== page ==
544 Views |  Like

Sterilising baby bottles

Your baby’s immune system is not yet fully developed, and babies are more susceptible to infection and illness than an older child or adult. Cleanliness is therefore very important when preparing your baby’s bottles. Here are few tips on how to sterilize your baby bottle:

Cleaning bottles

Bottles, lids, teats and other equipment you use to prepare a feed should always be thoroughly cleaned after each use:

  • As soon as possible after your baby finishes a feed, wash the bottle, teat and lid in hot soapy water.
  • Use a bottle brush, and be sure to clean out any dried milk stuck inside the bottle and teat.
  • Once it is clean, rinse the equipment with some fresh water and allow it to air dry.

This kind of cleaning is important for getting rid of all traces of milk or formula left inside the bottles, but it does not ensure that the feeding equipment is completely germ-free.

Sterilising bottles

Sterilising is the process of killing any harmful germs that may be clinging to surfaces of the bottles and other equipment.

It is important to sterilise baby bottles before each use, for at least the first 12 months of your baby’s life. This applies whether you are bottle feeding with infant formula or with expressed breast milk.

How to sterilise feeding equipment

There are a few different ways to sterilise your baby’s bottles, teats, lids and other feeding equipment.


Boiling works by raising the temperature high enough to kill any bacteria left over after washing.

  • Place clean bottles, teats, caps and utensils in a large saucepan on the back burner of the stove.
  • Add enough water to cover all the equipment, making sure there are no air bubbles.
  • Bring water to the boil, and boil rapidly for 5 minutes.
  • Turn off the stove and allow the water to cool down.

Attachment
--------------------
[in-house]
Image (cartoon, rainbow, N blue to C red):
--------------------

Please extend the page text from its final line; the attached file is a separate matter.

• Wash your hands thoroughly before you handle the equipment, and disinfect the surface where you plan to make up the bottle.
  • Take the equipment from the saucepan and shake off any excess water.
  • If you are not using them straight away, put the lid and teat onto the bottle, and store in a clean container in the fridge.
  • Re-boil the bottle and other equipment if it is not used within 24 hours.


Chemical sterilisers are disinfectant solutions that come as liquids or tablets that you dilute with water.

  • Make sure bottles, teats, caps and utensils are thoroughly clean before you begin.
  • Read and follow the manufacturer’s instructions for making up the sterilising solution.
  • Place the feeding equipment in the sterilising solution, making sure it is completely under water and there are no air bubbles.
  • Leave the equipment in the sterilising solution for the recommended amount of time (usually about 30 minutes – check the manufacturer’s instructions).
  • You can then leave the equipment in the solution until you need to use it.
  • Allow bottles, teats and lids to drain before you use them – don’t rinse off the sterilising solution, as this exposes equipment to germs again.
  • Throw away the solution after 24 hours. Clean the sterilising container thoroughly in warm, soapy water, before making up a fresh lot of solution.

Steam (microwave or electric sterilisers)

Much like boiling, steaming works by raising the temperature high enough to kill bacteria.

  • There are several different types of sterilisers available – follow the instructions provided by the manufacturer.
  • Make sure bottles, teats, caps and utensils are thoroughly clean before you begin.
  • Make sure that bottles and teats are placed with openings facing down in the steriliser.
  • Follow instructions for adding water to the unit and turning it on.
  • Leave bottles in the steriliser until they are needed.
  • If you are not using the bottles straight away, check instructions for how long you can leave them in the steriliser before you have to re-sterilise them.

Sources: National Health and Medical Research Council (Infant Feeding Guidelines). Opens in a new window.NHS Choices (UK) (Making up infant formula, Sterilising baby bottles). Opens in a new window.Raising Children Network (Bottle feeding: cleaning and sterilising equipment)